Seems like an odd tandem, I know, until you remember that we’re coordinating with Iran, a country which most Americans think is destined for nuclear terrorism against the west and its allies once it has the bomb.

I mean, there are strange bedfellows and there are strange bedfellows.

Around 64 percent of verifiable ISIS attacks in Syria this year targeted other non-state groups, an analysis of the IHS Jane’s Terrorism and Insurgency Center’s (JTIC) database showed. Just 13 percent of the militants’ attacks during the same period — the year through Nov. 21 — targeted Syrian security forces. That’s a stark contrast to the Sunni extremist group’s operations in Iraq, where more than half of ISIS attacks (54 percent) were aimed at security forces…

JTIC’s data shows that [Assad’s] counterterrorism operations — more than two-thirds of which were airstrikes — skew heavily towards groups whose names aren’t ISIS. Of 982 counterterrorism operations for the year up through Nov. 21, just 6 percent directly targeted ISIS

“They both recognize there’s a mutual benefit in crushing other groups,” Henman said. That’s because eventually ISIS is going to have to take on Assad’s government — and both sides want the battlefield to be clear of other potential competitors…

Some rebels suspect coordination between the Syrian regime and ISIS. Yusuf Abu Abdullah, one of the leaders of the Al-Mujaheddin Army in Aleppo, said when his fighters have attacked regime bases, they have come under separate attacks from ISIS. That’s forced them to withdraw and battle the other militants instead of Assad’s forces.

ISIS is the strongest Sunni militia in Syria and therefore the chief threat to Assad’s rule. Assad is the strongest military force on the ground in Syria and therefore the chief threat to ISIS’s caliphate. Why aren’t they slugging it out? Multiple reasons, actually (why would Assad worry about bombing ISIS when Obama’s doing it for him?), but the main one is just as Walter Russell Mead says — they’re each following the Leninist approach of “heightening the contradictions” between rival factions to maximize their own power. That’s been standard practice in the Middle East for decades but Syria presents an unusually stark example. Arab autocrats know that secularists fear being ruled by Islamists; Islamists know that most of the public hates the resident autocrat. Each uses public animosity towards the other to position themselves as the only viable bulwark against total domination by their opponent. As Mead says, Egypt was a textbook case — voters installed the Muslim Brotherhood after deposing Mubarak, then the Brotherhood was itself deposed with popular support by the new military dictator Sisi in a counterrevolution. Both sides benefit from keeping the (few) “moderates” in the country marginalized, lest the public begin to consider an alternate, third way approach. Each wants to be the only game in town against the other.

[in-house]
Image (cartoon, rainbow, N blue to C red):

The same thing’s happening in Syria but with more guns and bombs. If you believe the WSJ, it might have started years ago, when Assad allegedly made a deliberate decision to go easy on ISIS and train most of his fire on less extreme rebel groups instead. Assad doesn’t fear ISIS as much as he fears the prospect of a “moderate” Sunni outfit gaining ground and attracting attention from western powers who want to replace him with a government they can work with. So long as ISIS is the only alternative in Syria, America will lay off of him. Likewise, ISIS doesn’t fear Assad as much as it fears the prospect of a less austere “moderate” Sunni outfit gaining strength and supplanting it as chief protector of the Sunni majority, which would start to gobble up support for the caliphate from within. That’s why the White House keeps chasing the pipe dream of arming Syrian “moderates” — logically, it’s the only alternative to a Syria led by Assad or ISIS (or divided between them, of course). And since we can’t really go after one without inadvertently aiding the other, we might have no choice but to go after both simultaneously. Obama’s learned that lesson the hard way. By initially focusing on attacking ISIS, he alienated some of the less extreme Sunni groups there whose top priority is stopping Assad. Some of those groups joined ISIS in the aftermath, leaving the supply of “moderates” even thinner than it was before. As of last month, Obama was rethinking all of that; he reportedly asked his national security team in mid-November to see if there’s a way to target ISIS while also removing Assad from power. The only way to move Syria past war, in theory, is to offer Sunnis and Alawites a third, less extreme alternative to those two.

So, tell me how we do it. After 10 years of sectarian bitterness in Iraq produced a caliphate in Anbar province and with “moderates” in Syria even scarcer than they usually are in the Middle East, how do you get Iran and its Sunni neighbors to agree on a mutually acceptable coalition government for Damascus? It’s hard to believe Iran would tolerate even a “moderate” Sunni-led regime, knowing full well how the “moderate” Shiite they backed in Iraq for seven years treated the minority sect there. It’s also hard to believe Sunnis in Syria would accept being governed by a new, more “moderate” Alawite regime, knowing full well that Assad himself was regarded for years by many in the west as someone moderate enough to do business with. (Remember Hillary’s infamous “reformer” comment?) It seems like things will change, as is usually true in war, only when one side decides that it can’t afford to bleed anymore and has some reassurance that the victors won’t put them to the sword if they surrender, which probably means a peacekeeping force will be necessary. Show of hands: Which countries want to volunteer for that?